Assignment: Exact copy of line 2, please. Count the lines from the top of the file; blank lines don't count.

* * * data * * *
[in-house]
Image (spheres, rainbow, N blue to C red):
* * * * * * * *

Image (spheres, rainbow, N blue to C red):